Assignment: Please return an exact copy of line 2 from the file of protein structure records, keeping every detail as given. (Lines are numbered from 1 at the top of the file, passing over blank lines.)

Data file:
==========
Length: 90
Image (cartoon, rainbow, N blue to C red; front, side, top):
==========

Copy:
Image (cartoon, rainbow, N blue to C red; front, side, top):